The cartel that produces a third of the world's oil used to restrain output to maintain prices, but it abruptly shifted gears in 2014 as Saudi Arabia moved to squeeze out new high-cost competition, in particular from US shale producers.
The consequence has been crude oil prices tumbling some 60 percent since mid-2014, falling below $40 (37 euros).
Crafting a new way forward has become yet tougher since Saudi Arabia executed prominent Shiite cleric Nimr al-Nimr at the weekend, triggering a sectarian standoff with Iran.
"What's happening at the moment between Iran and Saudi Arabia makes searching for a compromise even more difficult," said Francis Perrin, president of Strategy and Energy Policy publications.
Gulf countries, led by top OPEC producer Saudi Arabia, refuse to cut production unless the oil-producing states that are not members of the group agree to do the same. A cut would likely help prices climb.
Though the Saudis have thus far had their way, this unbending stance has been financially painful for the 13 OPEC nations, including Algeria, Venezuela and Nigeria, which draw most of their revenues from black gold.
For its part, Iran, the other pillar of OPEC, has no intention of curbing its production with the lifting of Western sanctions just on the horizon, which would allow it to resume crude oil exports.
- 'Everyone for themselves' -
"OPEC has no policy at the moment as it's everyone for themselves," said Ole Hansen, a Saxo Bank analyst.
"In the short term, there is no chance of an agreement within OPEC regarding production, and assuming there was some small chance, it has disappeared with the current crisis in relations between Saudi Arabia and Iran," said Pierre Terzian, head of the Petrostrategies weekly.
In addition to their political and religious rivalries, the two Middle Eastern powerhouses are also clashing over their share of the oil market.
From Iran's perspective, "it would be fair" for other OPEC members, including Saudi Arabia, to "cut their production in 2016 to make some room (for Iran) without pushing prices down further," said Perrin.
However, in Riyadh "additional revenue means Iran will have a greater capacity to be a nuisance," in the region, Perrin added.
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On top of that, the kingdom, which has been overtaken in production by the United States, has not given a second's thought to cutting its output.
At the end of December, Saudi Oil Minister Ali al-Naimi said "we no longer limit production. If there is demand, we will respond. We have the capacity to respond to demand", according to the Wall Street Journal.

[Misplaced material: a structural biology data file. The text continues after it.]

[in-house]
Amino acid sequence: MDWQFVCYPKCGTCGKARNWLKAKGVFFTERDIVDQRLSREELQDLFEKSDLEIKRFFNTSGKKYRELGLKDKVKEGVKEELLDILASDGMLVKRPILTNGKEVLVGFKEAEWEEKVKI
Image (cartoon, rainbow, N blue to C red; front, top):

Terzian said: "Clearly, that means Saudi Arabia is not going to let Iran increase its oil exports on its own... instead, it will also boost its own production."
In a move seen designed to sabotage Iran's oil comeback, Saudi has been cutting the price of its oil exports for February delivery to European customers, and of some exports to the United States and the Middle East.
National oil conglomerate Aramco said the price of Arab Light crude for the northwest European market was cut by $0.60 a barrel from January to $4.85 a barrel below the benchmark price.
Brent oil prices tumbled Wednesday below $35 for the first time in 11 years.
Europe was a traditional market for Iranian oil before international sanctions were slapped on the Islamic republic in 2012 over its nuclear programme.
- Dashed chances -
"Saudi Arabia will do whatever it takes to protect its market share... Iran and Russia will remain its main targets," said Abhishek Deshpande, an oil market analyst at Natixis.
Analyst Fawad Razaqzada at FOREX.com said "the fact that Saudi is reducing prices suggest they want to defend their market share and this is undoubtedly bearish news for oil."
He added: "the Saudi-Iran split has kind of dashed any chances of an OPEC deal to curb the supply excess -– not that this was going to happen anyway."
Still, OPEC has survived previous conflicts among its members, notably during the 1980-1988 war between Iran and Iraq.
"The only place where Iranian and Iraqi leaders were able to see one another without coming to blows was at OPEC," said Perrin.
Christopher Dembik, a Saxo Bank analyst, sees a common interest between the two nations that may also be a stabilising force.
"They are both trying to recapture lost market share. They have a medium-term interest, at least, to keep prices low. Therefore they have no choice, but to agree, at least on this point."